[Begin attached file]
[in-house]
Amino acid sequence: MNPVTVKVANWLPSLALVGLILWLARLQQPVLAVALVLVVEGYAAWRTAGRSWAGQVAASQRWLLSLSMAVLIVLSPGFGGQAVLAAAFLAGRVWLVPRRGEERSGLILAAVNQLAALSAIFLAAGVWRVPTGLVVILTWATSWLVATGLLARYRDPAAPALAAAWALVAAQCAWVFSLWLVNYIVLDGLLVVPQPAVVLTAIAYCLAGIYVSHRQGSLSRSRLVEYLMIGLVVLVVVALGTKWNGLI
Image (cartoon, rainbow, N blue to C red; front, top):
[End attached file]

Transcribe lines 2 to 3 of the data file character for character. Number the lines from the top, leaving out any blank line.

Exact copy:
Amino acid sequence: MNPVTVKVANWLPSLALVGLILWLARLQQPVLAVALVLVVEGYAAWRTAGRSWAGQVAASQRWLLSLSMAVLIVLSPGFGGQAVLAAAFLAGRVWLVPRRGEERSGLILAAVNQLAALSAIFLAAGVWRVPTGLVVILTWATSWLVATGLLARYRDPAAPALAAAWALVAAQCAWVFSLWLVNYIVLDGLLVVPQPAVVLTAIAYCLAGIYVSHRQGSLSRSRLVEYLMIGLVVLVVVALGTKWNGLI
Image (cartoon, rainbow, N blue to C red; front, top):